And just for your knowledge, the maximum prison sentence for the charge of conspiracy to commit criminal copyright infringement is five years in prison.
In another case of copyright infringement, a company ended up paying $4,000 for a digital photo that retails for about $10. They grabbed a photo from the web and used it for a client’s blog. Just few months later, they received a cease and desist demand notice from a lawyer and an offer to settle the claims for $4,000.
Apparently, copyright infringement involving images that are registered with the U.S. Copyright Office allows for statutory damages of up to $30,000, or $150,000. So, the company chose to settle the claims for $4,000. They learnt an expensive lesson on copyright laws from an innocent mistake.
Few recent cases of mobile app copyright infringement:
- The most recent is from Big Duck Games, creators of the hit mobile game Flow Free. They filed suit against ThinkCube, Inc. in a Seattle court. Their complaint alleges both copyright and trademark infringement.
- In another lawsuit, Glu Mobile sued mobile game studio Hothead Games for copying its popular Deer Hunter 2014 mobile game. In an interview with GamesBeat Chris Akhavan, the president of publishing at Glu Mobile, said “Kill Shot is effectively a complete ripoff of our game Deer Hunter 2014. The only difference is that in Kill Shot, you are shooting humans. In our game, you are shooting deer and other animals.”
Usually, names and non-functional elements fall under copyright law, however if the creators of the original app spotted any similarities in the patent work, they might sue the creators of cloned app.
The compensation or the lawsuit settlement formalities might vary, but in any case, it will definitely be more than that cost of the clone script.
#3 Clone script apps are fast. Yes, because they exit in a flash!
Apple iOS and Android, that dominate the smartphone market, owning over 90% of the market share, don’t endorse apps with clone scripts.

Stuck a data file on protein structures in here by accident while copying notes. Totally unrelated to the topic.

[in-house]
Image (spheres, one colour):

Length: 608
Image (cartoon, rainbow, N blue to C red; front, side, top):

Apple and Google have been making news for taking action against app cloning.
For example, when Flappy Birds mania was at its height, both companies took action against new app submissions had any resemblance with the game’s template.
In fact, each of the app stores have their own process and place to submit clone-related requests. You can use the following links to report apps infringement issues in different app stores:
- For reporting an app in Apple App Store
- For reporting an app in Google Play Store
- For reporting an app in Microsoft Windows
Some of you must have done your research and you would argue, ‘Clones could be easily exempted,’ which is true. But the industry is putting continuous efforts to stop piracy and save the hard work of genuine developers.
Industry experts are suggesting every game (every app, in fact) should have a ‘report clone’ button on its App Store entry.
There is no assurance that your clone script will be rejected from the app store immediately. It might sit there for a while but if anyone spots it, Apple and Google will do their part.
Over to you.
A custom-developed script is not only original but comes with added advantages such as better customization, security, and support. On the other side, clone scripts always look like an easier option to make some quick bucks. But don’t assume that cloning an app is as easy as ‘copy and paste.’ Anyone who knows the nuances of app business will never recommend you using a clone script for your app.